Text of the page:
How to Host a Quilty Olympics at Your Quilt Guild

Quilt Olympics Trophy

Photos in this blog by Wendy Planicka who also made these amazing trophies

This blog post should really be titled, “How to get other people to host a quilty olympics at your quilt guild” because I didn’t actually participate in the Quilty Olympics that I helped plan for the  this month in honor of the slightly higher profile Olympics currently happening right now in Brazil. I did however, help with the planning until I got sick and couldn’t go to the guild event. So my awesome Quilt Olympics Team (aka the IOC) took over and made it happen without me – thanks team!

However, I thought this write up we put together would be helpful for other guilds!

Here is a great write up from another guild that was really helpful in our planning- definitely check it out! I was also influenced by the version of the Quilty Olympics hosted by our fellow Ohioans (and my beloved former guild) the Columbus Modern Quilters. 

quilt olympics fabric hunt

Hunting for a scrap of fabric

Here are some example events you could use that our IOC brainstormed:

  • Thread 5 needles
  • Unspool a spool of thread (for example junky thread from an old sewing kit)
  • Find a particular scrap of fabric in a pile of scrap fabric
  • Cut out x number of pattern pieces/applique pieces – this could be for a charity quilt if we wanted
  • Hand sew 20 inches – again it could be for a charity quilt if we wanted!
  • Seam rip 20 inches – neatly!
  • Iron a really wrinkly piece of fabric (this could lead into the cutting challenge – the next person could cut that fabric 🙂
  • Fabric basketball – toss a fat quarter (rubber banded) three times into a basket
  • Find a needle in a haystack (would probably lead to injuries)

As you can maybe imagine from the list up above, we had thought about having the activities actually lead to a finished project (so, first person in the team iron, then cut, then sew/applique/etc), but decided that we wanted to keep things fun and silly, and I was terrified to introduce any rotary cutters to a “speed” event. We went with the needle threading. the fabric toss, seam ripping, thread unspooling and the finding the scrap fabric as the culminating event.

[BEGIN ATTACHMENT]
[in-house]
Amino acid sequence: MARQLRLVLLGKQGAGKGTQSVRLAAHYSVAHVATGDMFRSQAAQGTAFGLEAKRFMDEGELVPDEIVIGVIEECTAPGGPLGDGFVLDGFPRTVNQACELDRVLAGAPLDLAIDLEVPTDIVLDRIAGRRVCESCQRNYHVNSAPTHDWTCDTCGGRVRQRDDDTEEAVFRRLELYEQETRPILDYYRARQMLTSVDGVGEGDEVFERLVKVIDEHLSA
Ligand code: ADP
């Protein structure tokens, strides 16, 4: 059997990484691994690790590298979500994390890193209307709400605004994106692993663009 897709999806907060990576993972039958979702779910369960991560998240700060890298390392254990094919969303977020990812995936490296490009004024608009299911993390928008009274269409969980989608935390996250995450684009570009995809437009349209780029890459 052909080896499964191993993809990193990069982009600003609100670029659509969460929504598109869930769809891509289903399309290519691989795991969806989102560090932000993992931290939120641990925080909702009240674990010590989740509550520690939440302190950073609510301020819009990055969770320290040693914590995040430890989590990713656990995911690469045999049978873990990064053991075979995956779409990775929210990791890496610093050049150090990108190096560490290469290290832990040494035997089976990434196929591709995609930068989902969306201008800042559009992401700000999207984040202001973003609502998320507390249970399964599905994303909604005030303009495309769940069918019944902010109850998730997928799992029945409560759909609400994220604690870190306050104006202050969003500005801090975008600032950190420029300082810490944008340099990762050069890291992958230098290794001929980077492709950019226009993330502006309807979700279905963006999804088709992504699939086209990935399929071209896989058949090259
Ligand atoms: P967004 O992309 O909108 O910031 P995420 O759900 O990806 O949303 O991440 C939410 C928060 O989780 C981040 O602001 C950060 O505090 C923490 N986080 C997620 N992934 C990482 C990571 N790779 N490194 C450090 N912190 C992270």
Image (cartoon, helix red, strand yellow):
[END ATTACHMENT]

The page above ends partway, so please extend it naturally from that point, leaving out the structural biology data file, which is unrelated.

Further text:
Quilt Olympics fabric toss

The fabric toss. Which may have resulted in injuries. It’s not the Olympics without some gruesome injuries!

And here is the flow of the event, which is basically a quilty relay race. We had three organizers who each took on a few challenges to organize and set up.

    • Break up into groups – this will be done randomly – chance to get to know new people – count the room off into teams of four or five – whichever makes mathematical sense with the number of people there (for example if there are 25 people, 5 groups of 5. The organizers can bow out as needed to make the math work).
    • You can have an opening “get to know you” question to break the ice in the small groups, since there will be lots of chatting during the events.
    • Set up stations with all the challenges before the meeting and Present all the challenges at once while people are in small groups- the organizer who set up the challenge can intro their challenge.
    • You will need to guesstimate how many people you expect to attend so you have enough materials for each event!
    • One person per team per challenge. People can pick which challenge they want to perform.
    • As soon as they are done with their challenge, they run back and tag the next person to go do their challenge. The first team to finish gets the “gold” medal!
    • Feel free to sing the national anthem for the winners on the podium 🙂
    • Award the amaaaaazing prizes. Pictured below are our Olympic Champions and the awesome prizes that Wendy made for our guild’s Olympics!quilt olympics winners

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